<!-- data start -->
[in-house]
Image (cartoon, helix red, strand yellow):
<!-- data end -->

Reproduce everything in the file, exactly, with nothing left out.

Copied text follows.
[in-house]
Image (cartoon, helix red, strand yellow):